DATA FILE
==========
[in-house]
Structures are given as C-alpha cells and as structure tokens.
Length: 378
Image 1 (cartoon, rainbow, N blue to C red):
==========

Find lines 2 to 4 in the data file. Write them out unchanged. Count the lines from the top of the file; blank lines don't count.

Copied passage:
Structures are given as C-alpha cells and as structure tokens.
Length: 378
Image 1 (cartoon, rainbow, N blue to C red):